Army court drops lawsuit against Cameroon journalist: lawyer
A Cameroon military tribunal has dropped a lawsuit against a TV presenter from the country's restive anglophone region who was detained for several days last week accused of "attacking state security", her lawyer said Monday.
Mimi Mefo, who heads English news for privately-owned Equinoxe broadcasting, was released from detention on Saturday after being charged by a military in the commercial capital Douala on Wednesday.
"The tribunal ordered that the lawsuit be stopped," said the journalist's lawyer Me Alice Nkom, adding that Mefo had attended court to hear the decision.
Mefo was charged over a social media post which said the army was responsible for the death of US missionary Charles Trumann Wesco who died in October after an attack in the English-speaking Northwest region, her lawyer said earlier.
Nkom said her client had also posted the government's version of what happened -- that Wesco had died after a raid by anglophone separatists.
After she was released, the army's spokesman Colonel Didier Badjeck said the decision to stop the prosecution was taken personally by President Paul Biya as "a gesture of magnanimity."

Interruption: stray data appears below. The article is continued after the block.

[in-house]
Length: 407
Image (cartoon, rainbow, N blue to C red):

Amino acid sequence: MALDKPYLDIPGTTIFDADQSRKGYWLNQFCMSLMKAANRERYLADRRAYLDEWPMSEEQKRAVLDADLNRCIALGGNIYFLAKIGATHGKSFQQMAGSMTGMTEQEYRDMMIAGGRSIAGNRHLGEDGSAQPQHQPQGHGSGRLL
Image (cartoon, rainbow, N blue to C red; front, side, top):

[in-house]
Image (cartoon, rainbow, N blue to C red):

In 2016, anger at perceived discrimination in education, the judiciary and the economy fanned demands for autonomy there.
A year later radicals declared an independent state -- the "Republic of Ambazonia" -- taking up arms soon after.
Militants on Monday released three more hostages -- two students and a staff member -- after a mass kidnapping last week in which 83 people, mostly students, were seized from a school in Bamenda, capital of the Northwest Region. Seventy-nine pupils were released on November 7.
"The three hostages released are two students and a staff member. There is one last staff member whose release we have not yet confirmed," said a regional administrative officer.
Separatists have since attacked troops and police, boycotted and torched schools and attacked other state symbols, prompting a brutal official crackdown.
Fighting in the English-speaking regions has killed between 450 to 500 civilians, 185 members of the security forces and hundreds of armed separatists think-tank International Crisis Group said in a report this month.
"The Anglophone conflict is gradually turning into a civil war," it added.
According to an October update by the UN's refugee agency OCHA, there are a total of 437,000 people from the anglophone regions displaced within the country, while some 27,000 people have fled to Nigeria.
Biya, 85, who was sworn in for his seventh term in office this month, has ruled out secession for the English-speaking regions, home to around a fifth of Cameroon's 22 million people.